If you are like me, the thought of the year-end process churns the stomach.  Days grow longer as deadlines approach but there are few times more opportune than the beginning of the year to consider possible improvements to your accounts receivable processes and policies.

Accounts receivable is one of the most important, if not the most important, operations in a company’s cash flow. Decisions made within the accounts receivable department can be felt throughout the entire company. This year make the accounts receivable team both a cash generator and valuable voice within the company, as opposed to the department that keeps its head down and rinses and repeats the same processes for years on end.

Why not make it your mission for the New Year to ensure your accounts receivable team is not just a line on the balance sheet, but rather a valuable asset that collects faster and frees up cash?

What needs to be improved
Before deciding to turn the AR department upside down stop to consider what outcomes you want to achieve. This may seem like common sense, but we have all experienced the manager on a mission who wants to create change without a clear understanding of their effects, positive or negative. To determine what goals to focus on, gather information such as budgets, metrics and benchmark data from the previous years. You need this information so you have a starting place to gauge progress. Compare your company’s information against other similar businesses within your industry to help establish realistic goals. Where can your company improve? What are other companies doing better? For instance, if you work in retail trade and are interested in decreasing your Days Sales Outstanding (DSO), look at what other retail trade organizations are reporting as their average DSO to see if there is room for improvement.

Once you determine what needs to be improved, find out what processes will help the department reach its goals. Make sure the goal is achievable in sufficient time or else you can risk low morale and no one championing the change that needs to take place. Again, if one of your goals is to decrease DSO, you may want to consider, for example, internal controls that verify the completeness and accuracy of an invoice before it is sent out, so that you avoid confusion and speed payment.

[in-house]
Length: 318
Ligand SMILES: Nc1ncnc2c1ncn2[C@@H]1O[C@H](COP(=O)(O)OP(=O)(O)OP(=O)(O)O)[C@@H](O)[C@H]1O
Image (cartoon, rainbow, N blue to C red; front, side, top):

Create progress
If you want improvement to happen it has to filter from the top down. Improvement has to be bought in by all departments and employees involved. The key is to turn management goals into team goals that all involved parties recognize as valuable.

This begins with communication. The best way to give employees a stake in the change is to ask for input during the planning phase. What is working well within the department? What do you feel could be better? Workers often have valuable insight into how well or poorly the department’s processes and procedures work in practice. Communicating with your employees gives management critical insight and gives them a stake in the process. It is far easier to work hard towards goals you helped to establish than towards goals forced upon you.

Plan for success
Now that you have a list of processes to improve the company and you have received feedback from employees, you need to implement. Start by making a calendar that indicates milestones and completion dates for each of your goals. Identify who will be responsible for what. Include expected monthly progress that can be measured against actual performance. The key to an effective plan is to include continuous evaluation of your goals throughout the improvement process, so adjustments can be made when required.

Once the calendar is created, determine how the changes will be implemented. Strategies will vary depending on the unique specifics of your department, so be sure to get feedback from everyone involved to avoid potential missteps. Finally, create a document that summarizes your metrics, goals, calendar and plan for implementation to be distributed to all involved.

Explain the benefits
After the plan is in place, be sure to explain the value of each of the changes to employees. No one likes change but if they understand the benefit of change they will work towards the new goals. Additionally, consider offering incentives as a reward for meeting goals. Some incentives can be intrinsic like simply thanking employees for good work or posting model examples of employees meeting goals on a bulletin board. You might also consider offering monetary incentives when appropriate. Incentives let your employees know what is good for the company is good for them.